Bitewing dental X-rays are commonly used at regular hygiene or check-up visits to detect dental caries. Unfortunately, they have limited field of view and do not show the entire roots and their surrounding structures. In a previous article in June 2019, “ What X-rays Should Dental Patients Have ”, we proposed a set of guidelines for type and frequency of dental X-rays based on specific patient needs and oral health. And in another article in August 2019, “ Why Cone Beam CT Scan (CBCT) is a Must for Diagnosis of Teeth-Related Infections “, we discussed the importance of CBCT (cone beam CT scan) in proper diagnosis of lesions often not evident in routine dental X-rays.
It is not uncommon for many patients to get only bitewing X-rays during their regular check-up visits. Whether it is to limit radiation or cost, bitewing X-rays are simply inadequate and do not provide proper diagnosis of pathological conditions which may remain asymptomatic and hence not discovered. Bitewing X-rays should be used in conjunction with other imaging studies, such as panorex, cone beam CT scan (CBCT), or even a full mouth series as relevant to the needs of individual patients. As demonstrated in two cases described below, sole use of bitewings will lead to missed diagnosis and compromised patient care:
A 60-old patient was referred for evaluation of jaw pain following a fall. To rule out fractures, a cone beam CT scan was obtained. While there were no fractures, an upper left molar was incidentally noted with extensive loss of bone at the tip of the roots and lesions extending into the sinus cavity. Patient was completely asymptomatic and unaware of the condition. The cone beam CT scan showed large peri-apical lesions with perforation into the sinus and evidence of sinusitis. Patient said that he had seen his dentist regularly every 6 months and had only bitewing X-rays during the last 2 years. Endodontic and surgical treatment options were discussed. However, due to guarded prognosis and extensive erosion into the sinus cavity, patient was recommended for tooth extraction, excision of the infection and peri-apical cyst, repair of the perforation using layered grafting technique along with platelet rich fibrin. Earlier detection may have saved the tooth with only a non-surgical endodontic (root canal) treatment and a restoration.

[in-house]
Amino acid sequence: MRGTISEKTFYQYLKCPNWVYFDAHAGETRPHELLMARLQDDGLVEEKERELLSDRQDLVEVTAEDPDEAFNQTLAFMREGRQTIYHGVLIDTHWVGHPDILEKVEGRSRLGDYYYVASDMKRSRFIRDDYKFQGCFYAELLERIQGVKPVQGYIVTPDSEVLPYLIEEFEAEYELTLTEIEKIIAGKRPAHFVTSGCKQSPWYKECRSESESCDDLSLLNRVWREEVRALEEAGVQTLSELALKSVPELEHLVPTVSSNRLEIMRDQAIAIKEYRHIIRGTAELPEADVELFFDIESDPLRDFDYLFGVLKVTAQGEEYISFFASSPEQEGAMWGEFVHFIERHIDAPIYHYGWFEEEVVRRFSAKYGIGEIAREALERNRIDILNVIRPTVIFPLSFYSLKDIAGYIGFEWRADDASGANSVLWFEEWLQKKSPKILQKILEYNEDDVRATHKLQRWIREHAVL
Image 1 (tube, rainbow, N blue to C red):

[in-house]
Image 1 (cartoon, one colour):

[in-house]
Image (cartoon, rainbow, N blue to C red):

Another patient, a 35-year old female, came to us for evaluation of an upper tooth with gingival pain and bleeding. A panoramic X-ray was obtained to assess the overall teeth and the supporting jaw bone. The upper teeth appeared healthy and the gingival pain and bleeding was attributed to advanced gingivitis. However, during review of the panoramic X-ray, a large radioleucency (dark area) was noted involving the lower right first molar. Patient was completely asymptomatic and was not aware of any problems. She had been seeing her dentist every 6 months for check-up and cleaning and reported having only bitewing X-rays during the last 4 years. A CBCT was obtained which showed an extensive erosive lesion involving the entire width of the jaw bone with significant extension around the roots. An immediate biopsy was recommended to establish diagnosis and treatment plan. As in the patient described above, other types of X-rays would have led to earlier detection.
Both patients were quite surprised having such extensive lesions associated with their teeth even though they had seen their dentists continually and regularly for checkup and hygiene. Both asked “how was that missed?” Of course, with absence of any signs and symptoms, the dentists may not have seen a rational to take other X-rays with larger field of view which would have certainly resulted in earlier detection.
This supports the rational for regular comprehensive X-rays at shorter intervals as such lesions can develop and expand quite rapidly resulting in extensive erosion and destruction of jaw bone and adjacent structures.
It is important that as dental professionals, we do not rely solely on bitewing X-rays and recommend other X-rays with expanded fields of view when appropriate. Likewise, it is critical for patients to discuss with their dentists the type and frequency of dental X-rays appropriate for them to assure a stable state of oral health.